Open up your terminal app and create an SSH connection to your remote server.
Once you are in, navigate to the webroot or whatever directory you will be running WordPress from and clone the BitBucket repository there. You can get the address either from the remote settings window of SourceTree or from the repositories page in the BitBucket web app.
$ ssh -p [email protected] $ cd public_html/wordpress_directory $ git clone
Step 3: Sync The Database
You will now have a WordPress site on your remote site with all of your WordPress files, but a totally different database. This is where WP Migrate DB Pro comes in. Be sure you have it installed on both your local site and your remote site, and you have activated your API key in both sites.
On the remote site, in the settings tab of the WP Migrate Pro admin screen select the “Accept push requests allow this database to be overwritten” option and then copy contents of the “Connection Info” field.
Once you have done that, go to the same place in the local site and select “Accept pull requests allow this database to be exported and downloaded.”
The next step, still in your local site, is to go under the “Migrate” Tab to select push and enter the connection info for the remote site.
Once that is done, click connect to establish the link between the two sites. Once it is established, you can push your local database to the remote site.
In the future, you can reverse this process to update your local environment’s database with new items added to your remote site.
Staying In Sync and Other Considerations
As long as you use DB Migrate Pro to keep the local and remote databases in sync, and don’t revert back to the old cowboy coding ways of making changes to the live site WordPress files, staying in sync and backed up will be automatic.
As I said in the beginning, this is an introductory article, once you get started working this way, new ways of improving your workflow should become apparent to you.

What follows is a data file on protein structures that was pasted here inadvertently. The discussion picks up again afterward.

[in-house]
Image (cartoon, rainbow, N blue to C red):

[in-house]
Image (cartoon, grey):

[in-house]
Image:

The Uploads Issue
The one issue that the workflow I’ve outlined in this article has is that media files or other uploaded files added in the live site are not synced back to the local site. The entries in the database will be synced, but not the actual files themselves.
Many people choose to have Git ignore their entire uploads folder and keep it in sync manually via FTP, or they write a separate script to handle uploading and downloading them automatically. Personally, I let Git handle the uploads and do the downloads manually.
This is a very valid reason to disagree with my no direct connection between local and remote Git repositories policy. I think it’s worth the trade-offs for me, but I don’t use tons of media in my sites. You will have to be the best judge of your own needs.
WP Migrate DB Pro recently announced a new media files add-on that syncs the WordPress media library along with your database. This new add-on, which I have not tested, is only available with their more expensive license options. It may, however, be a possible solution for this issue with sites that have lots of media files.
Option: Direct Deployment With DesktopServer
DesktopServer does have a deployment tool built-in. I don’t use it because it doesn’t support sub-directory installations, which is a non-starter for me. If you are only running one site on your server and it is in the root directory, this tool may be a good option for you.
More Options For Creating Local WordPress Environments
I recommend DesktopServer or Vagrant for creating local WordPress environments, but there are a ton of other great options out there. For a good breakdown of some more options, see Sarah Gooding’s article 8 Ways to Set Up a Testing Environment for WordPress.
Free Bonus Security Feature
One of the key tasks that a WordPress security plugin performs is scanning your files for malicious code that might have been introduced by any of the nefarious methods hackers use to get evil-doing code into your site.
Once you have your site under version control, you can test for unwanted changes, including those introduced to the security plugin itself, by simply running the “git status” command on your live site.
When you run Git status, you will see everything that has changed since your last commit. If anything has changed that shouldn’t have, you can simply revert back to before the changes were introduced. Of course you will want to figure out how the malicious code got there and deal with the vulnerability directly.
Putting Aside The Cowboy Hat
Well, that’s what it takes to take off your cowboy hat and implement a proper WordPress development environment. There are countless other ways to improve the process, for example automating the process with custom web hooks and Composer scripts.
Any time you put into improving your workflow should be returned to you in multitudes when it comes to efficiency gains.